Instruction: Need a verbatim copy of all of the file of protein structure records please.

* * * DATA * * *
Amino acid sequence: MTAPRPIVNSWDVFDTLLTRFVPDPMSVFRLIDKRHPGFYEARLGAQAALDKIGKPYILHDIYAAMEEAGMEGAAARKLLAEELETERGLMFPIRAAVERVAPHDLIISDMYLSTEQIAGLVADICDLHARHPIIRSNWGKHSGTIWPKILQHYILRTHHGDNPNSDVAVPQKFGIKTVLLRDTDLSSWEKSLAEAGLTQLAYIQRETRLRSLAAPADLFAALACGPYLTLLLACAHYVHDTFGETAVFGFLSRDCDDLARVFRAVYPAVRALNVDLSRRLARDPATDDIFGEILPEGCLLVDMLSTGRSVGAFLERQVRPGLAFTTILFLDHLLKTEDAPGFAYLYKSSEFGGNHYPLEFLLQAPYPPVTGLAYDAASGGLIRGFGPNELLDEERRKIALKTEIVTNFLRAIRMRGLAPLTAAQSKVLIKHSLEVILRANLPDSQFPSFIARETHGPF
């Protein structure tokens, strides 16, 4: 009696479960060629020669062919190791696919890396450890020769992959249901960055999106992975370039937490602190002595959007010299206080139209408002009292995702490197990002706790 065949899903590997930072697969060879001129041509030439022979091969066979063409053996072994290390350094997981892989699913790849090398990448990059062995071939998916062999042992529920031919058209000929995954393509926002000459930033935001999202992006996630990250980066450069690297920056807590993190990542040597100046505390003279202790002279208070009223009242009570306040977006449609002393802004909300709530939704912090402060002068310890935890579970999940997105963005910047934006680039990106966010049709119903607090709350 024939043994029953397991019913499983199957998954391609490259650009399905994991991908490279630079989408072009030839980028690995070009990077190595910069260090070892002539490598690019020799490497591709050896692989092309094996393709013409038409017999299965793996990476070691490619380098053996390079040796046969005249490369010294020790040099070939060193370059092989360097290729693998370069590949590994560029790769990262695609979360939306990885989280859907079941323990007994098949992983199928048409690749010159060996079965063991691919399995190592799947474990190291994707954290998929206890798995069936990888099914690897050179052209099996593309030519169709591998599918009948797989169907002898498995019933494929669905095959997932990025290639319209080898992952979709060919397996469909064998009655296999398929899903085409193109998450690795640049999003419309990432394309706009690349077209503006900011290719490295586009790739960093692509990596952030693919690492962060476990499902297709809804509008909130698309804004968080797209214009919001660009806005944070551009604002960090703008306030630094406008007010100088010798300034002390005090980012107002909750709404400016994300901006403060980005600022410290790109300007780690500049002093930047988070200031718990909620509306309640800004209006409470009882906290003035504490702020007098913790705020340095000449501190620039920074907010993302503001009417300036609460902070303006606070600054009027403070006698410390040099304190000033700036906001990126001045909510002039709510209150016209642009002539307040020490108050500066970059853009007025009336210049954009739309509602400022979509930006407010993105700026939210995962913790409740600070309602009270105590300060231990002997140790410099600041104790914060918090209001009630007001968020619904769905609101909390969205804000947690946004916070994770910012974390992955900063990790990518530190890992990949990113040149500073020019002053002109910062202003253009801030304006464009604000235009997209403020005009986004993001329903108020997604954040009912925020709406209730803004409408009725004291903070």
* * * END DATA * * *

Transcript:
Amino acid sequence: MTAPRPIVNSWDVFDTLLTRFVPDPMSVFRLIDKRHPGFYEARLGAQAALDKIGKPYILHDIYAAMEEAGMEGAAARKLLAEELETERGLMFPIRAAVERVAPHDLIISDMYLSTEQIAGLVADICDLHARHPIIRSNWGKHSGTIWPKILQHYILRTHHGDNPNSDVAVPQKFGIKTVLLRDTDLSSWEKSLAEAGLTQLAYIQRETRLRSLAAPADLFAALACGPYLTLLLACAHYVHDTFGETAVFGFLSRDCDDLARVFRAVYPAVRALNVDLSRRLARDPATDDIFGEILPEGCLLVDMLSTGRSVGAFLERQVRPGLAFTTILFLDHLLKTEDAPGFAYLYKSSEFGGNHYPLEFLLQAPYPPVTGLAYDAASGGLIRGFGPNELLDEERRKIALKTEIVTNFLRAIRMRGLAPLTAAQSKVLIKHSLEVILRANLPDSQFPSFIARETHGPF
């Protein structure tokens, strides 16, 4: 009696479960060629020669062919190791696919890396450890020769992959249901960055999106992975370039937490602190002595959007010299206080139209408002009292995702490197990002706790 065949899903590997930072697969060879001129041509030439022979091969066979063409053996072994290390350094997981892989699913790849090398990448990059062995071939998916062999042992529920031919058209000929995954393509926002000459930033935001999202992006996630990250980066450069690297920056807590993190990542040597100046505390003279202790002279208070009223009242009570306040977006449609002393802004909300709530939704912090402060002068310890935890579970999940997105963005910047934006680039990106966010049709119903607090709350 024939043994029953397991019913499983199957998954391609490259650009399905994991991908490279630079989408072009030839980028690995070009990077190595910069260090070892002539490598690019020799490497591709050896692989092309094996393709013409038409017999299965793996990476070691490619380098053996390079040796046969005249490369010294020790040099070939060193370059092989360097290729693998370069590949590994560029790769990262695609979360939306990885989280859907079941323990007994098949992983199928048409690749010159060996079965063991691919399995190592799947474990190291994707954290998929206890798995069936990888099914690897050179052209099996593309030519169709591998599918009948797989169907002898498995019933494929669905095959997932990025290639319209080898992952979709060919397996469909064998009655296999398929899903085409193109998450690795640049999003419309990432394309706009690349077209503006900011290719490295586009790739960093692509990596952030693919690492962060476990499902297709809804509008909130698309804004968080797209214009919001660009806005944070551009604002960090703008306030630094406008007010100088010798300034002390005090980012107002909750709404400016994300901006403060980005600022410290790109300007780690500049002093930047988070200031718990909620509306309640800004209006409470009882906290003035504490702020007098913790705020340095000449501190620039920074907010993302503001009417300036609460902070303006606070600054009027403070006698410390040099304190000033700036906001990126001045909510002039709510209150016209642009002539307040020490108050500066970059853009007025009336210049954009739309509602400022979509930006407010993105700026939210995962913790409740600070309602009270105590300060231990002997140790410099600041104790914060918090209001009630007001968020619904769905609101909390969205804000947690946004916070994770910012974390992955900063990790990518530190890992990949990113040149500073020019002053002109910062202003253009801030304006464009604000235009997209403020005009986004993001329903108020997604954040009912925020709406209730803004409408009725004291903070």